Our Dynamic Earth
Situated next to the mighty Holyrood Palace and across the road from the worth-a-sneaky-peek Scottish Parliament, Our Dynamic Earth is a firm favourite whatever your age. Charting Earth’s evolution from the big bang to the modern day though a series of interactive exhibitions, including an earthquake simulator and a tropical rainstorm, there’s plenty here to wile away an afternoon. Holyrood Road, 0131 550 7800, www.dynamicearth.co.uk
Camera Obscura and World of Illusions
A great shout for those heading to the top of the Mile for the Castle, this quirky attraction affords visitors a real-time, 360° image of the city. The most recent addition to the venue is the Magic Gallery, giving hands-on experiences of the art of visual trickery. There is also an exhibition devoted to holographs and photography on the lower floors. Castlehill, Royal Mile, 0131 226 3709, www.camera-obscura.co.uk
A shining beacon on Edinburgh’s landscape, the castle has enjoyed its various statuses as medieval fortification, temporary prison, seat of parliament, royal residence, and now world-renowned symbol of Scotland. The views are awesome, even if the viewpoints can be windy. There’s also more to the Castle than royal memorabilia, with a chance to see the Scottish Crown Jewels, the tiny St Margaret’s Chapel, the Scottish War Memorial and War Museum, as well as a slightly off-the-wall ‘dog cemetery’ for regimental mascots. Look out too for special events year-round. Castle Hill, 0131 225 9846, www.historic-scotland.gov.uk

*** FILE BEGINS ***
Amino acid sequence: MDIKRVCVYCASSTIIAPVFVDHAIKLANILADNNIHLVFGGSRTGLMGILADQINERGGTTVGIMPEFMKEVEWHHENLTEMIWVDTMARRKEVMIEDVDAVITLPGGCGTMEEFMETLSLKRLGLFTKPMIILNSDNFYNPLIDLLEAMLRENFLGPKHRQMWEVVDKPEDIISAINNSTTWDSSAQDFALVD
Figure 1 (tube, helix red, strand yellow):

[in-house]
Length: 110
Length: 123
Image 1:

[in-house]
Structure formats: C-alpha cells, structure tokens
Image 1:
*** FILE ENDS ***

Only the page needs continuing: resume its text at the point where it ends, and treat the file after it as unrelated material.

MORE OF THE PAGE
It’s no great secret that Glasgow (whisper it now) pips the capital to the post when it comes to the sheer volume of its high street meccas. Fortunate, then, that it more than makes up for any inadequacy in size with a joyful selection of independent emporiums. A wander up the Royal Mile showcases Embra’s ability to do small, kitsch and just a little special in all its glory. Heading from the Palace up, expect a hefty wad of Tartan-tasticness – not to mention the year-round Christmas Shop – before hitting the shops properly at St Mary’s Street and Jeffrey Street, just off the Canongate, both of which play host to some real gems. Present is a must for those who are looking for jewellery or indeed any number of gift ideas with a quirky twist. Nearby, Corniche and Ragamuffin can assist your fashion needs while List favourite Lickety Spit, the cutest retro sweetie shop the city has to offer, will provide you with sustenance along the way. Keep heading up the Mile, and you’ll hit Cockburn Street, home to an array of suitably grungy-cool clothes shops, namely Pie in the Sky and Cookie (check out their dress collection); one-off T-shirts at Fabrick, as well as homeware at Eden, all of which make it more than worth the trip. A bit further up and round and you hit the mighty Victoria Street. Right down at the foot, check out the uber-hip gallery and bookstore Analogue and Totty Rocks run by two former ECA fashion lecturers, while further up the hill, Swish keeps it cool with skate smart gear. And so to the Grassmarket and West Port, where Helios Fountain offers ample reason to stop in and rummage. This area is also home to some of the capital’s finest vintage and fashion shops – don’t miss Fabhatrix, Bill Baber’s and of course, Armstrong’s, Edinburgh’s classic vintage clothing juggernaut. Nearby, the combined delights of Barnardo’s Vintage, Herman Brown, Godiva, Focus and Pageant should leave you wanting for nothing.